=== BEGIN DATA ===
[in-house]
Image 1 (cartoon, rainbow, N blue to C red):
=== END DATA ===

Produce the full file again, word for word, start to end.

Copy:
[in-house]
Image 1 (cartoon, rainbow, N blue to C red):